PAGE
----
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Tech Front: New Carbon Nanotubes May Boost Battery Life

 

A team of researchers at the University of Wisconsin (Madison, WI) have discovered high-performing carbon nanotubes that may lead to the development of improved battery life for flexible electronics and also for military and industrial applications.

The research team, led by materials science Associate Professor Michael Arnold and Professor Padma Gopalan, recently released their results in a paper published in the journal ACS Nano. According to the UW-Madison scientists, the carbon nanotube transistors are the highest-performing ever discovered, with an on-off ratio that is 1000 times better and conductance that is 100 times better than any other carbon nanotube transistors.

“Carbon nanotubes are very strong and very flexible, so they could also be used to make flexible displays and electronics that can stretch and bend, allowing you to integrate electronics into new places like clothing,” said Arnold. “The advance enables new types of electronics that aren’t possible with the more brittle materials manufacturers are currently using.”

Schematic (top of image) of a polymer-wrapped carbon nanotube. Scanning microsopy image (bottom) of carbon nanotubes that were aligned via FESA and incorporated as the active channel of a field-effect transistor device.

Consisting of single atomic sheets of carbon rolled into a tube, carbon nanotubes are among the best conductors of electricity. The carbon nanotubes are considered to be among the most promising material to use as a next-generation transistor. The UW-Madison researchers drew on technologies that use polymers to selectively sort the semiconducting nanotubes, achieving a solution of ultra-high-purity semiconducting carbon nanotubes.

Previous techniques to align the nanotubes resulted in less-than-desirable packing density, or how close the nanotubes are to one another when they are assembled in a film. But the researchers developed a new technique, called floating evaporative self-assembly, or FESA, which they described earlier in 2014 in the ACS journal Langmuir. In that technique, researchers exploited a self-assembly phenomenon triggered by rapidly evaporating a carbon nanotube solution.

The team’s most recent development also brings the field closer to realizing carbon nanotube transistors as a feasible replacement for silicon transistors in computer chips and in high-frequency communication devices, which are rapidly approaching their physical scaling and performance limits. The UW-Madison researchers have patented their technology through the Wisconsin Alumni Research Foundation and have begun to work with companies to accelerate the technology transfer to industry.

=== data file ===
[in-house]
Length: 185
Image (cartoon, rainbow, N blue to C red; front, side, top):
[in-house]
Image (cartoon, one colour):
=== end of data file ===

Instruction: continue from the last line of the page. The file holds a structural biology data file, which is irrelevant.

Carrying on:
“This is not an incremental improvement in performance,” Arnold says. “With these results, we’ve really made a leap in carbon nanotube transistors. Our carbon nanotube transistors are an order of magnitude better in conductance than the best thin-film transistor technologies currently being used commercially while still switching on and off like a transistor is supposed to function.”

The work was funded by a grant from the National Science Foundation, as well as grants from the UW-Madison Center of Excellence for Materials Research and Innovation, the US Army Research Office, the National Science Foundation Graduate Research Fellowship Program, and the Wisconsin Alumni Research Foundation. Additional authors on the ACS Nano paper include UW-Madison materials science and engineering graduate students Gerald Brady, Yongho Joo and Matthew Shea, and electrical and computer engineering graduate student Meng-Yin Wu.

An abstract of the paper is available at http://pubs.acs.org/doi/abs/10.1021/nn5048734.  


SME Tech Papers: Learn More & Do More

Information Flows About Metalworking Fluids

“Cutting Fluids: Necessary Nuisance to Productivity Tool” (SME Technical Paper TP02PUB205) sums up the span of knowledge available from SME. “When properly handled, cutting fluids are truly productivity tools. But if they are ignored, they can definitely become a nuisance.” Close to 200 papers are filled with the what, why and how of selecting the best-suited metalworking fluid for each operation and using it under the proper conditions for worker and environmental safety.

Several overview papers provide a tutorial on fluids and coolants, including “A Primer on Metalworking Fluids” (TP91PUB455), “The Why of Metal Working Fluids” (TP65PUB52), “Cutting Fluids–Third Dimension in Metalworking” (TP66PUB218), “Practical Fluid Management” (TP89PUB237) and “Fluid Management” (TP93PUB140).

The 46-page “Primer” highlights the wide range of available fluids “as a tool of production and applied to: (1) provide an adequate cooling action, (2) provide a tolerate tool and die life, (3) produce a satisfactory surface texture for the product and (4) maximize economical production parallel to an established quality standard.”

Additionally covered are metal removing and metalworking dynamics and cutting and grinding mechanics, as well as a discussion of the parameters in formulating metalworking fluids and the classes of metalworking lubricants.